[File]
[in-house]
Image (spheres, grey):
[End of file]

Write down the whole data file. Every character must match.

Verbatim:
[in-house]
Image (spheres, grey):